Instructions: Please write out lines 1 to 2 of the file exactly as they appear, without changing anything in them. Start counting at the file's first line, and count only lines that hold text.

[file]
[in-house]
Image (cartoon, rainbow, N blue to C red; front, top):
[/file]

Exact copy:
[in-house]
Image (cartoon, rainbow, N blue to C red; front, top):